Who is responsible for educating our supply chain associates?

April 13th, 2012

If you don’t take ownership of educating your own associates, the results you get from their work are your own fault.

So it’s up to you; would you like it to be your fault or a reflection of your well planned educational planning.

Someone told a long time ago that you don’t learn in college, you learn how to learn. I’m not sure I completely agree with that statement, but understand the sentiment. There are any numbers of statistics out there that support the fact that retention drops immediately upon completing a learning experience. Many have been conducted on the amount of learning that erodes for students over the summer or how much they remember from an actual class as soon as the leave the learning experience. The learning experience could be a particular class, program, major or minor area of study. The fact is much like muscle, if you don’t use it you lose it.

So, who is responsible when someone comes to your company to insure that their employment is a continual learning experience? The answer is YOU and that includes the entire management team. First and foremost the company needs to have an education plan in place, and that is not just on the job training or the next MSFT class. Each department has to have a supporting plan in place that relates specifically to the mission of their individual department or area of expertise such as procurement.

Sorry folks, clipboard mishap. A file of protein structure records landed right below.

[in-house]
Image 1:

Part of our strategy prior to launching SafeSourcing beyond just offering world class e-procurement tools was to offer an educational site for procurement professions that included a blog, a wiki and a professional social community where they could share their experience. We actually have our associates use these tools. We never source a category for a company that we do not conduct team research on first. That is even if we have an internal subject matter expert. We then hold associates accountable to providing an internal white paper relative to the subject. All associates are also accountable to producing one blog monthly relative to the supply chain. From these learning activities associate are also required to provide original content for our sourcing wiki and propose threaded conversations within our Sourcebook. Bottom line, if you live it, you learn it.

We all come from diverse educational and experiential backgrounds. That does not mean that we can not find and experience passion within a new area of expertise such as procurement. The thing is, most associates will not do it by themselves.

If you want good results, create an educational plan for your associates that foster a passionate learning environment within the daily practice of their job.

We look forward to and appreciate your comments.

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